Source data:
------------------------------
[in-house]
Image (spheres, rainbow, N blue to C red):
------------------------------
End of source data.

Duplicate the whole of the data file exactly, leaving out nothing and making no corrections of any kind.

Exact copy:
[in-house]
Image (spheres, rainbow, N blue to C red):